Painting by David Allen
South Bend is a river town. The city’s very name derives from the wending ways of the St. Joseph River. People have long congregated along its waters, with native inhabitants fishing its depths, fur traders building cabins near its banks, and the city’s nascent industry being powered by the St. Joe’s flow.
Notre Dame’s lakes are famous. Saint Mary’s Lake and Saint Joseph’s Lake are built into the foundations of the University, their mud yielding the bricks that were shaped into some of campus’ most venerable structures. Students jog their shores. They paddle across in makeshift boats. And if they kneel in prayer at the Grotto, they will likely hear the honking of rowdy geese at the landing, but they won’t hear a trickle from the St. Joseph River.
Like town and campus for much of our history, the lakes and the river are linked but distinct. Indeed, the river can serve as a sort of border, carving out some distance between the University and the unruly city adjacent. Even as Notre Dame’s reach expands, growing into the shops and town houses of Eddy Street Commons or the wraparound porches and spacious lots of Notre Dame Avenue, the University hasn’t shown much appetite for crossing that natural boundary.
I spent much of my life on the Notre Dame side of the river. Just a few blocks from my childhood home it takes a sharp bend northward, leaving its westerly course beneath Michigan Street to turn up past Saint Mary’s College and across the state line into Michigan.
I crossed the river daily, walking to and from Madison elementary school. But I ventured closer, too, mucking along the shoreline to place my feet in the mud beneath the Michigan Street Bridge and wading out to the sandbar in summer to collect mysterious shells — long, black and flaking, like a span of steel exposed to caustic waters.
Once, on a dare, I crawled across an abandoned trestle bridge that spans the river just north of Angela Boulevard. I was too scared to walk upright. Years later, a boy fell from that same span and drowned. Thinking back on our separate paths, I can only conclude how fragile life is and how randomly we arrive at our different destinations.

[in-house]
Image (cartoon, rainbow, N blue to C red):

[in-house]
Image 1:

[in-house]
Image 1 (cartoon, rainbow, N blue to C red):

I left my riverside home to make the short trip — not two miles — to Notre Dame in the late ’90s. The distinction between home and college was a soft one; I’d spent years around the quads, tailgating before football games, crashing student events at The Huddle, working as a dishwasher at Corby Hall when I was in high school. Still, conscious of my new status as a student, and my fixed status as a townie, I made a show of loyalty, hardly leaving campus freshman year.
Not that we were encouraged to leave campus. Sure, there were community service programs and Wolfie’s runs, but the general impulse to “stay put” reflected a deeper division between town and gown. I’ll always remember bristling at one piece of advice directed to my classmates and our parents as we sat in freshman orientation at the Joyce Center. For our safety, we were told, it was best not to venture south or west of campus — not to cross the river, as it were.
Freshman year, one of my dormmates in Siegfried Hall did cross the river. It was a cold winter weekend. He drank too much off campus. Insisted he knew the way home. Slipped the attention of his friends and ended up in the river’s frigid waters. Amazingly, he made it across, eventually drawing the attention of the South Bend police and enduring all kinds of trouble afterward. But he made it to the other shore. Sadly, others haven’t been so fortunate.
The river endures, heedless of our follies, our misfortunes. But while the St. Joe put South Bend on the map, the things we once built around its waters no longer require that liquid lifeline. The city’s industrial decline is mirrored in the stagnation of other river cities throughout the Midwest.
But the city and the river remain inextricably bound. One success story highlighted during South Bend Mayor Pete Buttigieg’s presidential campaign was the installation of “South Bend River Lights” downtown. This glowing display reimagined what the river could be, putting an old source of prosperity to new use, wowing walkers and tourists.
Even Notre Dame has ventured from its own familiar shores to embrace the river’s reinvention. Not far from where the “River Lights” dance, South Bend and the University have partnered to build an underground hydropower facility. Once it’s complete, the river’s current will spin turbines, generating power to light campus.
Not a single drop of the river will make its way up to the lakes, of course. But the river will flow by nonetheless, silent and steady, electron by electron, deepening the connection between two separate shores.
James Seidler is a writer living in Munster, Indiana.